Another hedge against volatility could be some kind of old age insurance program. For a small premium each month, an employee could purchase coverage in case of financial hardship post-retirement. In theory, Social Security was supposed to work that way (and I think it should, but that’s another story), but it’s ended up being treated as some kind of savings account. That would help socialize losses, but in a more fair way that how pensions are currently handling it.

  3. Ronald D. Hunt

    “An employee who actively manages their 401k should be able to mitigate their losses.”

    Their are a group of people that can do this, maybe 10%-20% of the population. But that leaves far to many people out in the cold. And I don’t buy that the loses in 401K’s can be mitigated completely, in the 2007 crash 401K’s lost $18,000,000,000,000 dollars. My dad lost $40 thousand dollars in his 401K it is almost surreal in that most people don’t understand how big that is after you account for lost interest ongoing into the future. After that happened I hooked my dad up with the guy I save through and due to him switching jobs was able to roll over his 401K into an indexed annuity. Ohh his new job has exactly 4 different 401K options his old work had 3, who do you work for to have so many options?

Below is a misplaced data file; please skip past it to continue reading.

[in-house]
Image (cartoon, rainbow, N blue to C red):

And the insurance pool isn’t about socialising loses, its about evening out the savings input required for retirement given the payouts required for an unknown quantity of time that a pensioner will live after retirement. Given knowledge related to the life expectancy’s of a sufficiently large group of people you can predict the needed input for payouts to those people through their retirement.

    If each person had their expire date stamped on their head their would be no need for such a thing, we could simply tell them they need to save X for their retirement. But the fact is we don’t know each persons expire date.

    “For a small premium each month, an employee could purchase coverage in case of financial hardship post-retirement.”

    Their is no way that would be a small premium, and we are taking about amounts of money that vastly exceeds the scope of simple insurance. As I said above 401K’s lost $18 trillion dollars in 2007, just imagining the size of the investment funds necessary to provide such insurance is mind boggling. Not that I believe that any private corporation would take up such a business, with payouts most likely to happen on mass during an economic downturn where savings deposits and investments are retracted as well would be more then enough to push even the most conservative firms into bankruptcy. well Either bankruptcy or junk insurance that prevents most people from actually using it.